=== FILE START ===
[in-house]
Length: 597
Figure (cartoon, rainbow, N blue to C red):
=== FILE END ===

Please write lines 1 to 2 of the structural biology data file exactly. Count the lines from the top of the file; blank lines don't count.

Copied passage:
[in-house]
Length: 597